There is a very interesting book called The Alphabet Versus the Goddess[1] by Leonard Shlain, in which he says that when the word was written down, then came the patriarchy, and the goddess cultures were annihilated. So it's interesting that when the patriarchy took over, surplus was created, and women were made secondary or worse. The male hierarchy established itself on the earth, and the great world religions were established in the hierarchical, patriarchal mode. But all of this was very recent as far as evolution is concerned.

I believe we were genetically selected early on for our ability to cooperate instead of destroy each other. So my theory here is that as the species now seems to be hitting the possibility of mass destruction, we're going to reactivate some of our genetic coding and begin to cooperate in more egalitarian ways. For instance, we are seeing communities all around the world trying to create a sense of family.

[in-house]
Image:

Many people have been studying indigenous peoples. Why? Because the indigenous peoples didn't go through this massive separation in their culture. They weren't perfect by any means, but there were things about those early cultures that we have yet to learn.

For instance, where I live we have created a Conscious Evolution Community that gathers together. We have a council and educational programs, and we're creating a small city/state environment where there is democracy to some degree. Everyone has to participate. We're offering this model to people around the world through our educational programs. So we are among the people who want to recreate a better world — to recreate a new culture.